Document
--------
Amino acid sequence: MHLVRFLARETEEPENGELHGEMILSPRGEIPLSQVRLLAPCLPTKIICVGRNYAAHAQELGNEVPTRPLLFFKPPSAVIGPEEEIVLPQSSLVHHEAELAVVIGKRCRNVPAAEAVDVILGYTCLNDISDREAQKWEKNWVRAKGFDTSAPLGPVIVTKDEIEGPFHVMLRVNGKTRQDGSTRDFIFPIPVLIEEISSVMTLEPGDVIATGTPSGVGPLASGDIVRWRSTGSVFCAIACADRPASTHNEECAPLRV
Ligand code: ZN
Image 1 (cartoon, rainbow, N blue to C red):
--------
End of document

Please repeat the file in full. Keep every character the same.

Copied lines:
Amino acid sequence: MHLVRFLARETEEPENGELHGEMILSPRGEIPLSQVRLLAPCLPTKIICVGRNYAAHAQELGNEVPTRPLLFFKPPSAVIGPEEEIVLPQSSLVHHEAELAVVIGKRCRNVPAAEAVDVILGYTCLNDISDREAQKWEKNWVRAKGFDTSAPLGPVIVTKDEIEGPFHVMLRVNGKTRQDGSTRDFIFPIPVLIEEISSVMTLEPGDVIATGTPSGVGPLASGDIVRWRSTGSVFCAIACADRPASTHNEECAPLRV
Ligand code: ZN
Image 1 (cartoon, rainbow, N blue to C red):